Likely your scope is off by 3-5%.

If you have a signal that is 5% off and you divide by 100 it is still off by 5%.

You cannot divide a PWM signal and get any PWM.
Ok, question:
If I have an original frequency of 100hz and (through the magic of the pixies of logic gates that I dont understand) make it go through a 4017ic that divide that original 100hz to 10hz, I would consider this dividing the original signal of 100hz by 10 to get 10hz? what is the proper wording for this operation ?
:)

The goal of this conversation is simply for me to get my hands on (building it if I have too ) :" how to make an adjustable pwm from 0hz to 100hz with a precision of 0.1hz increment. For as low of price as possible. Do not have nasa budget yet!

I was hoping to build this using a 4017ic.
 

Papabravo

Joined Feb 24, 2006
19,300
PWM is not usually expressed in terms of frequency; it is expressed in terms of duty cycle as a percentage of the period. For example, if the basic period of a waveform is 10 msec, which corresponds to a frequency of 100 Hz, and you want a duty cycle of 47%, the waveform will be on, or high for 4.7 msec and low for 5.3 msec. You can change the duty cycle in such a way that the frequency stays the same and you adjust the duty cycle. It would be less common to fix the duty cycle and adjust the frequency, but such applications do exist. It would be most uncommon to vary both frequency and duty cycle independently.

In circuit terms, one classic method of generating a PWM signal is to use a triangle waveform with a fixed frequency and compare the triangle wave voltage to a fixed or variable reference voltage. This is often done in SMPS (Switch Mode Power Supplies) and DC to AC Inverters.
1663718126298.png
U1 generates a triangle wave that goes between -1.01 VDC and 1.01 VDC, Set the green trace labeled V(ramp). The frequency of the triangle wave is 3kHz times 12 = 18 kHz.
V1 is a reference sinewave generator with a peak amplitude 0.99 Volt-Peak at a frequency of 3 kHz.
U2 is a generic comparator, which outputs +10 VDC when the + input is greater than the - input, and 0 VDC otherwise.
U3 is a generic 2nd order low pass filter with a corner frequency of 3.5 KHz, which is slightly above the frequency of the reference sinewave, with a Q of 0.707.
The output of the filter is an amplified replica of the input reference sinewave.
 

ThePanMan

Joined Mar 13, 2020
496
Let us first try to understand HOW PWM works. It takes a frequency, in theory any frequency, but in practice, generally a fairly high frequency of what I understand to be 20KHz. PWM, Pulse Width Modulation, doesn't change its frequency when you adjust it, it changes how much time it spends at HIGH versus at LOW. If you have a primary voltage of 10 volts and PWM is set to 50% duty cycle (as)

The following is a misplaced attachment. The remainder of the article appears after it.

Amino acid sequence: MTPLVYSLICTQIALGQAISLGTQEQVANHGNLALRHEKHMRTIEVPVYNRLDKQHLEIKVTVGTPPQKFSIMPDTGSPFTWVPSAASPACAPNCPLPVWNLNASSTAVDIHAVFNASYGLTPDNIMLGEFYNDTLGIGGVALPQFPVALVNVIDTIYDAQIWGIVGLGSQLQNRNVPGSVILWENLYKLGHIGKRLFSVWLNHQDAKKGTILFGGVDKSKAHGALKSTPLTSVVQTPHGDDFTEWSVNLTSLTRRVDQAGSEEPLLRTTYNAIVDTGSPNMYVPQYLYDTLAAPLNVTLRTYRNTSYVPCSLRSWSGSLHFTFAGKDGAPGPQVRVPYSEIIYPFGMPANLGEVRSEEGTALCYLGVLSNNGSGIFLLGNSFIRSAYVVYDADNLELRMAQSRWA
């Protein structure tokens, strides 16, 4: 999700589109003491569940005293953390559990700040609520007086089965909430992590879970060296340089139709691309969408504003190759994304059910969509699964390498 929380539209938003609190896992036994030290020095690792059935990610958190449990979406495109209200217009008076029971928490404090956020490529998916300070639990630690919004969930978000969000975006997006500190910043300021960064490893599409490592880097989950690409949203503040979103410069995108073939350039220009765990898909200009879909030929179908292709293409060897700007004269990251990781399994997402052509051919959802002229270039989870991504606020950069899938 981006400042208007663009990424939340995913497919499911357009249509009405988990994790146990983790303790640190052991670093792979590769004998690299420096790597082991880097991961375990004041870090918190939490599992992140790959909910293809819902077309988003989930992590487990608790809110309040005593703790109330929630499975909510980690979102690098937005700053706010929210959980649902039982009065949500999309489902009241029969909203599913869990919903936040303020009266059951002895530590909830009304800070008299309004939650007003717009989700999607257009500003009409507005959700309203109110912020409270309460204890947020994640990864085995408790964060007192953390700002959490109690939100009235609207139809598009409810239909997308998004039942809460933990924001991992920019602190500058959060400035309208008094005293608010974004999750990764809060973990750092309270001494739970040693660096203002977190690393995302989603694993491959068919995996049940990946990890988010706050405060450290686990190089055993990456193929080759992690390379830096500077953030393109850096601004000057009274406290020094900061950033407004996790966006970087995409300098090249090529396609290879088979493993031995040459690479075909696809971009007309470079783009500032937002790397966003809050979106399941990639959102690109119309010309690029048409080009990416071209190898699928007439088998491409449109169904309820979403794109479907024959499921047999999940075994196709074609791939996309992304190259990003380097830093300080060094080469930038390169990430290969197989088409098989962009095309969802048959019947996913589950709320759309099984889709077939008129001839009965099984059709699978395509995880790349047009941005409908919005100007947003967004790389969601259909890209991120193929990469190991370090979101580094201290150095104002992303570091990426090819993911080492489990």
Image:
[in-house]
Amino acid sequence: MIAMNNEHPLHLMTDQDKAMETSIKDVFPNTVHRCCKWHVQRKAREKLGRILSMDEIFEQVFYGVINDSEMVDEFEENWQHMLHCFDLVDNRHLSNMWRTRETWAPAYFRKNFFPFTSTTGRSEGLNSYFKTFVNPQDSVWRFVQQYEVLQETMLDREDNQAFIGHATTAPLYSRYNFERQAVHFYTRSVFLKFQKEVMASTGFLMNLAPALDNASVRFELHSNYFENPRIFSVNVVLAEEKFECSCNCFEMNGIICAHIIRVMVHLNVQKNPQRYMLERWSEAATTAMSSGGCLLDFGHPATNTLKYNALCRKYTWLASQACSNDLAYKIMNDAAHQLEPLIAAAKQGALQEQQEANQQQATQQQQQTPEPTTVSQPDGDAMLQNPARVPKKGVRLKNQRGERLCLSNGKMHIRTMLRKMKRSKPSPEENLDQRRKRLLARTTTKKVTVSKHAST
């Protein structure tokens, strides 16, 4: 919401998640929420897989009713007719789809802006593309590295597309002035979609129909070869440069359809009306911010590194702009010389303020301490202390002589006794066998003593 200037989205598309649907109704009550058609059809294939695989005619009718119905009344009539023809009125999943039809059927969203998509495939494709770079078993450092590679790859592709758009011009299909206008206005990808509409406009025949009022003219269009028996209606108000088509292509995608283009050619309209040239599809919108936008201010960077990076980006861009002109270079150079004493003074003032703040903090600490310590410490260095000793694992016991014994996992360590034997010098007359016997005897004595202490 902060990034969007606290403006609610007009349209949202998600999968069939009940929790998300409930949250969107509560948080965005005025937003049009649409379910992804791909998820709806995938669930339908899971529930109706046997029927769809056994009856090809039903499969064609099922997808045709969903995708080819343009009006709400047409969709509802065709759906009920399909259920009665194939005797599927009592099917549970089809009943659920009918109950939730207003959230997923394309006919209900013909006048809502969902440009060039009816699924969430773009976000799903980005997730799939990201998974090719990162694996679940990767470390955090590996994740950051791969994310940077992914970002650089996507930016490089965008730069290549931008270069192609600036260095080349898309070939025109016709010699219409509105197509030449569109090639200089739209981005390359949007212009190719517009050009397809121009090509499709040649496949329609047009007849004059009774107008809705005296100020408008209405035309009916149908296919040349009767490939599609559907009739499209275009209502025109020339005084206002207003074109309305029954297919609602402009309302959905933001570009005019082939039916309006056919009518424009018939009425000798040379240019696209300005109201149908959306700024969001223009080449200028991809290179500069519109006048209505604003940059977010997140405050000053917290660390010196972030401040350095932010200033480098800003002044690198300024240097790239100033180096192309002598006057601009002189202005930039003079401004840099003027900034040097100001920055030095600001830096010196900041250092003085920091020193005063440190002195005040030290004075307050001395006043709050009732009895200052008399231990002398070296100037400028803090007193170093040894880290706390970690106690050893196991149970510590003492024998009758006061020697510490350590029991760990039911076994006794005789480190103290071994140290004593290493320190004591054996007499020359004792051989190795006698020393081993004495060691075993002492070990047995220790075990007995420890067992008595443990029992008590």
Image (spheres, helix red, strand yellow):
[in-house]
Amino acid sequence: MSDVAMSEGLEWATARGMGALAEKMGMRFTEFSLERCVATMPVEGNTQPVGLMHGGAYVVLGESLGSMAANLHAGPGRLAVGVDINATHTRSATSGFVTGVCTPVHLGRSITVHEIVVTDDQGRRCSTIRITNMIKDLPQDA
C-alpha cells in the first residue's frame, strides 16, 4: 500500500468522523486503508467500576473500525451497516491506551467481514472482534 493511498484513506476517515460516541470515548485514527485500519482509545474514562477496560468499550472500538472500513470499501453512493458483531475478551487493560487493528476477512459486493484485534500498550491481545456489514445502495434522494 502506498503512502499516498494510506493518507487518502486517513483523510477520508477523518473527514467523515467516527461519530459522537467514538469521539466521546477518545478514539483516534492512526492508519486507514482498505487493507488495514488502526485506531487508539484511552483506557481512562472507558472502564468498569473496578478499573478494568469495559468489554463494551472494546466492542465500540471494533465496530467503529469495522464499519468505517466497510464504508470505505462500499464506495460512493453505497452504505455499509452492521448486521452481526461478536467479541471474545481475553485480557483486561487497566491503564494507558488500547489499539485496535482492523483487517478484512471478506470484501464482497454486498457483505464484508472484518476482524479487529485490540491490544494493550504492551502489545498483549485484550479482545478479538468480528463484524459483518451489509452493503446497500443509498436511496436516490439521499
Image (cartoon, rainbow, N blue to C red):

it is expressed in terms of duty cycle as a percentage of the period.
half the time the voltage is high and half the time the voltage is low (High and Low refer to "ON" and "OFF"), the average voltage is 5V. Changing the duty cycle (High versus Low) you change the output. 70% High results in 7 volts (as is with my random example of 10 primary volts). If you chop that duty cycle by 10 you have 10% of the primary voltage. You no longer have an adjustable PWM source. Dividing it with another 4017 you end up with 1 volt. You're not going to increase accuracy, you're just going to change an adjustable voltage to either 10% or 1%.

Final synopsis - it's not going to work the way you think.
 

ronsimpson

Joined Oct 7, 2019
2,399
The purpose of this is to make the PWM more accurate
Let's start over.
1) You don't want "PWM" but you want a signal. (Frequency not duty cycle)
2) You don't want "more accurate" but more resolution. Right now, you have 1hz and you want 0.01hz.

So yes, dividing the frequency by 100 will get you better resolution.
Set your ZK-PP2K to a frequency 100x what you want. Now the "1hz resolution" on the ZK-PP2K will result in 0.01hz on the output.

Many hours of reading and destroying chips.
We should be working on why you are destroying chips.
 

Thread Starter

Steevefrench

Joined Sep 7, 2020
15
Thank you, s
Let's start over.
1) You don't want "PWM" but you want a signal. (Frequency not duty cycle)
2) You don't want "more accurate" but more resolution. Right now, you have 1hz and you want 0.01hz.

So yes, dividing the frequency by 100 will get you better resolution.
Set your ZK-PP2K to a frequency 100x what you want. Now the "1hz resolution" on the ZK-PP2K will result in 0.01hz on the output.


We should be working on why you are destroying chips.
Yes, I am grateful you have explained to me the right word to use, RESOLUTION,
I need to be able to take the output of the PWM and make it higher resolution.
I have been able to to make the output of the PWM drive a 4017ic chip to 500hz, getting the "Resolution" of 5hz stable only.

I apreciate the the "signal" and "resolution"